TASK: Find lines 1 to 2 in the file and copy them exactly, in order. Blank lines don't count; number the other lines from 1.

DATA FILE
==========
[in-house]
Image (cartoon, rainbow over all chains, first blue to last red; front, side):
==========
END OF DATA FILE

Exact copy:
[in-house]
Image (cartoon, rainbow over all chains, first blue to last red; front, side):